As I said, I’m referring to “massively” loosing weight.
But I must admit I’m no specialist, it’s just hearsay from acquaintances who are doctors (endocrinologist).

djconnel May 6, 2015 at 3:09 pm

Here’s a calculation with the “units” program… 233 pints of 5% beer for 5 kg, not counting non-alcoholic nutrition:
You have: 5 kg * (3500 kcal/lb) / (7 kcal/gram) / 5% * (1 liter / kg)
You want: pints
* 232.95987

Sam May 6, 2015 at 3:49 pm

And some wonder why so many riders stick to the blandest lines possible in interviews.

Every word dissected. Some to shore up confirmation bias. Others to treat every word as some special masonic code which if broken could reveal the true meaning of…whatever the reader is seeking.

Rusty chain May 6, 2015 at 4:16 pm

Kwiatkowski in a recent interview said he is riding the Tour for experience rather than true hopes of GC. He mentioned in order to become competitive at the tour he d have to slim down and he is not ready to commit ????? You mean riders are consciously riding with extra weight? No there is some unnatural process they go through to achieve that Auschwitz like silhouette – Chris Froome with his scrony arms the poster boy.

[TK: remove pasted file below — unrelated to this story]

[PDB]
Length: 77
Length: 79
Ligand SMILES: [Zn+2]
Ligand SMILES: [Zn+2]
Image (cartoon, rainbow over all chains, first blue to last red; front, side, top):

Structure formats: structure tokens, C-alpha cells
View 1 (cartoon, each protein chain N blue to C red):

Sam2 May 6, 2015 at 4:39 pm

Right on, Rusty, you tell ’em

noel May 6, 2015 at 6:34 pm

just imagine how skinny Wiggo would be if he gave up drinking….

Joe K. May 6, 2015 at 6:18 am

Not knowing what an audit by ISSUL would entail, we naturally assumed an investigation into the heart of the matter, namely, rampant use of PEDs, not ancillary issues of language, rider support and software technology. It’s like sending out a duck to do the job of a sniffer dog looking for contraband drugs, and the duck brings back a fish. What was the point of this exercise?

Brian May 6, 2015 at 7:15 am

Well, that’s not entirely true…
http://inrng.com/2014/12/the-issul-performance-criteria/

MattF May 6, 2015 at 7:17 am

This whole exercise was a pointless waste of time, money and column inches – much like the CIRC. The sport still faces an existential threat from doping and the omertà. If I were a potential sponsor, I wouldn’t touch the sport.

The Inner Ring May 6, 2015 at 9:44 am